- The Washington Times - Wednesday, July 1, 2009

President Obama will go to Northern Virginia on Wednesday afternoon to hold a town hall-style discussion on national health care.

Mr. Obama has chosen Virginia where employees pay some of the highest health-insurance premiums in the country, according to the Kaiser Family Foundation.

Single people pay 24 percent of the cost of premiums offered through Virginia employers, the highest in the country. They also pay 31 percent for family coverage through employer plans, tying Virginia for third with several other states, according to the foundation. The average family premium is $13,000 a year, according to statistics provided by the Obama administration.

Mr. Obama will field questions from the live audience and through the social sites Facebook, Twitter and YouTube, where 20- to 30-second video questions can be posted. The event at Northern Virginia Community College is scheduled to begins at 1:15 p.m. EDT.

The Virginia event is the third in the past four weeks in which the president has attempted to take the debate out of Washington and to Americans.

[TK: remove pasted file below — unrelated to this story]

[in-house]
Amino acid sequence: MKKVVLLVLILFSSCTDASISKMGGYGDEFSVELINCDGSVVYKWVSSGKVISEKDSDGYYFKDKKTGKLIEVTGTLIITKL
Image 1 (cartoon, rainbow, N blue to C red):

Last week, the president held a nationally televised forum on ABC at the White House in which he discussed health-care reform and took questions from more than 150 audience members — including patients, doctors, insurance company executives and small-business owners. He repeated his familiar line that health-care costs are increasing three times faster than wages.

Mr. Obama traveled on June 11 to Wisconsin for a town hall meeting in Green Bay in which he focused on the increasing costs of care.

Mr. Obama has made health care a priority in the early stages of his administration and says reforming the system is essential to the country’s economic recovery and “one of the most important challenges of our time.”

Reigning in health-care costs and providing insurance to most Americans are key points in the president’s reform plan. However, he has so far allowed Congress to craft the legislation.

Congress will resume debates when members return Monday from an extended Fourth of July break.

The president has said the government will not have to borrow money, but some fellow Democrats and many Republicans oppose the plan.

Among the issues facing lawmakers are:
• Should government run a plan that competes with private insurers?
• Can workers keep their plan and doctor?
• Will employer benefits be taxed?

“I think we believe, along what Democrats believe, that all Americans should have access to high-quality, affordable health insurance,” House Minority Leader John A. Boehner, Ohio Republican, recently said. “We’re not for a plan that puts the government in charge of our health care, decides what doctors ought to be paid or what treatments ought to be prescribed.”

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